Johnny Cash's Life in Photos

The late Johnny Cash, nicknamed "The Man in Black," was an influential figure in shaping country music and was simultaneously regarded as a founding father of rock and roll. Known for his recognizable bass-baritone voice and cross-genre contributions, the singer-songwriter's legacy lives on in today's music. Take a look back at his acclaimed career in honor of his 90th birthday

Johnny Cash
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01 of 16

Johnny Cash's Early Life

Johnny Cash
Johnny Cash. Getty

The legendary musician was born J. R. Cash on Feb. 26, 1932 in Kingslon, Arkansas. He was raised on farm alongside three older and three younger siblings. Cash worked in cotton fields with his family starting at age five, singing to pass the time.

Cash served in the Air Force for four years, and changed his name to John Ray because initials weren't allowed to be used for a first name. It wasn't until he signed with Sun Records in 1955 that he started going by "Johnny."

During his time in the Air Force, he bought his first guitar and started his first band called The Landsberg Barbarians before he was discharged and returned to Texas where he had trained.

02 of 16

Johnny Cash's Marriage to Vivian Liberto

Johnny Cash
Michael Ochs Archives/Getty

Cash met Vivian Liberto when she was 17 years old in San Antonio, Texas while he was in Air Force training. They began dating, but were apart for three years when the Air Force deployed Cash to Germany.

To cope with the long distance relationship, Cash and Liberto exchanged thousands of letters. Those letters served as the foundation of Liberto's 2007 memoir I Walked the Line, and Cash's 1956 chart-topping hit of the same name.

After Cash's discharge, the couple married and had four daughters: Rosanne, Kathy, Cindy, and Tara. But Cash's time away on the road, combined with his drug and alcohol addiction, led to Liberto filing for divorce in 1966.

03 of 16

Johnny Cash's First Recording

Johnny Cash
Michael Ochs Archives/Getty

Cash and Liberto moved to Memphis in 1954, where he studied to be an announcer by day and played music by night, alongside guitarist Luther Perkins and bassist Marshall Grant (known as the Tennessee Two).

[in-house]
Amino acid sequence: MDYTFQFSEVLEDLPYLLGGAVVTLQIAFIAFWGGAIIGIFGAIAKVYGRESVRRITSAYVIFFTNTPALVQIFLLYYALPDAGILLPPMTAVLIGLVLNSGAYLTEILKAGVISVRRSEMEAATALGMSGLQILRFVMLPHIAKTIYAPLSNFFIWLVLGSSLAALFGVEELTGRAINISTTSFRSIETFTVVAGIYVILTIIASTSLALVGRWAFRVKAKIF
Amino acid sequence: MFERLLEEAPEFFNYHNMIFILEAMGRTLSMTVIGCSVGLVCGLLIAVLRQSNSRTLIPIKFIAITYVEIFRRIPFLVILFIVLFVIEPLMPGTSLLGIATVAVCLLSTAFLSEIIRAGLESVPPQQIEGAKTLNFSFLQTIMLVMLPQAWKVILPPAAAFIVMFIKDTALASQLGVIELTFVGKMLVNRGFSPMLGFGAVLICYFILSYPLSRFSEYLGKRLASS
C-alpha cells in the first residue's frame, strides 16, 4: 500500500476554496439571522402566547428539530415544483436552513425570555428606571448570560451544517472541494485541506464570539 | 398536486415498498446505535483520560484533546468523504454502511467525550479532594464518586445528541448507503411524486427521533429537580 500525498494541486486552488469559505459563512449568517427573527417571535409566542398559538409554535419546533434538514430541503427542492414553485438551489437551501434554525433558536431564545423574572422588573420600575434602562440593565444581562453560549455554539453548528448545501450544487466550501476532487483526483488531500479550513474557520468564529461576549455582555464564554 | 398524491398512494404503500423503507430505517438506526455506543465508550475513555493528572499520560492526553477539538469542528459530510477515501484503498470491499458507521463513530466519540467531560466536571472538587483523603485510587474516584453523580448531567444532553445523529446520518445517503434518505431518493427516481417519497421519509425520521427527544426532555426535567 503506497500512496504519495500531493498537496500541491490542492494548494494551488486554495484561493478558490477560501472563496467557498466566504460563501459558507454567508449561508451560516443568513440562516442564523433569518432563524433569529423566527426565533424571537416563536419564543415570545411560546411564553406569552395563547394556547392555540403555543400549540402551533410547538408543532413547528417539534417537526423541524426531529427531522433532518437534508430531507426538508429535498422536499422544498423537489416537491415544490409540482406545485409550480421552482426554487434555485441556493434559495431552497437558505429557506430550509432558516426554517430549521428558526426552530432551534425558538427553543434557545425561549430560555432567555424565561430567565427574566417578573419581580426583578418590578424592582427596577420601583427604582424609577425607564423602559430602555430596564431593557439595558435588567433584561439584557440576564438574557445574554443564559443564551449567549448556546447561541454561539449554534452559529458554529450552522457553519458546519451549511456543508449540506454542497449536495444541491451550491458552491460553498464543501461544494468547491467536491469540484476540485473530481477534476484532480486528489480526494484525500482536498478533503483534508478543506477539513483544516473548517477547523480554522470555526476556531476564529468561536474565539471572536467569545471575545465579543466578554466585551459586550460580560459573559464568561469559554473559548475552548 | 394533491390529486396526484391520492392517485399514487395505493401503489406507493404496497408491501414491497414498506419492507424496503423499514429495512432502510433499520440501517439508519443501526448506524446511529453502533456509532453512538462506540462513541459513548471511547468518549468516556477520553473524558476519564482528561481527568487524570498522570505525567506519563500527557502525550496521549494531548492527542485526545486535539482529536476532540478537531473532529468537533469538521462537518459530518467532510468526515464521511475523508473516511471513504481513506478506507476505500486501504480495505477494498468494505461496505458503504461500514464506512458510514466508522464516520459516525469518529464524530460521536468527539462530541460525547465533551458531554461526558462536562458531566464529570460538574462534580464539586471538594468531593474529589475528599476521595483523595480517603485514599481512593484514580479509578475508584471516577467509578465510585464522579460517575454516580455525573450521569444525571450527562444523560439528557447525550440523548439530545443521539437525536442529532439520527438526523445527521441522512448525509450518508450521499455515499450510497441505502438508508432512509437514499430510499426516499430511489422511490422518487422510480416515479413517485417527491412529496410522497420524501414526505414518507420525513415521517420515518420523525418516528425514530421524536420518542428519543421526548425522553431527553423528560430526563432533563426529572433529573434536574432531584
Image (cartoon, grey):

Cash auditioned a gospel arrangement for Sun Records' founder and producer Sam Phillips, but Phillips responded to Cash's rockabilly style instead and signed him. He released his first two recordings for the record company, "Hey Porter!" and "Cry! Cry! Cry!," which were met with great success.

Cash went on to become one of the best-selling musicians of all time with more than 90 million records sold worldwide.

04 of 16

Johnny Cash's Collaboration with Elvis Presley

Johnny Cash
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Elvis Presley crashed a jam session with Cash, Carl Perkins, and Jerry Lee Lewis in December 1956. While Phillips was in the studio cutting new tracks at the time of the impromptu jam, he left the tapes running.

The candid collaboration was recorded and released under the title Million Dollar Quartet, and is considered a monumental moment in rock and roll history.

05 of 16

Johnny Cash's Carter Family Stint

Johnny Cash

Cash left Sun Records in 1958 to sign with Columbia Records, and released one of his biggest hits, "Don't Take Your Guns to Town," right out of the gate.

As his star was on the rise in the early 1960s, Cash went on tour with the Carter Family, consisting of famed country artist Mother Maybelle and her daughters Anita, June, and Helen. (You can see them cover "I Walk the Line" here!)

June Carter would go on to be the great love of Cash's life. The first time they met was backstage at the Grand Ole Opry in 1956.

06 of 16

Johnny Cash's Arrests

Johnny Cash
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As Cash's career took off, his personal life suffered due to his frequent usage of amphetamines and barbiturates.

In May 1965, Cash was arrested for picking flowers on a private property in Starkville, Mississippi (inspiring the song "Starkville City Jail") and later again in October of that year for possession of narcotics in El Paso, Texas after agents found 475 Equanil tablets and 688 Dexedrine capsules stashed in his guitar case.

But despite his reputation as an outlaw (stoked by his song "Folsom Prison Blues") Cash never served any real time, staying at most overnight in prison "mostly to dry out," according to the Washington Post.

07 of 16

Johnny Cash's First Grammy Award

Johnny Cash
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Cash won his first Grammy Award alongside future wife Carter for their song "Jackson" in the best country & western performance, duet, trio, or group category in 1967. This marked the first of many Grammy honors as the singer ultimately won 13 and earned a total of 35 nominations throughout his career.

08 of 16

Johnny Cash's Marriage to June Carter

Johnny Cash